“She places her gun in a red leather handbag and gets into her car. The gun, in her bag, sits in the front seat of the vehicle as she drives to work. She then brings the gun, still in the bag, to a meeting with colleagues at the office. She then takes the gun, in her bag, to lunch, where she sits at an outdoor cafe. After that, she goes to the gym — and the gun comes with her. Finally, she goes to a shooting range, where she takes the gun out and fires it at a target. “Nice pistol,” says the man next to her.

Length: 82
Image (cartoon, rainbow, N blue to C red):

That’s the plot of a television commercial for Smith & Wesson.
However, almost everything in the ad would be illegal in at least 35 states if the woman did not have a concealed carry permit, which the ad ignores.
A largely overlooked lawsuit is playing out in New Jersey about the way Smith & Wesson advertises its wares, but the truth is the case is about much more than advertising. The outcome could have profound implications for the gun industry.
In business and policy circles, and within the gun industry itself, the case is seen as the country’s most consequential legal battle over the future of gun control.”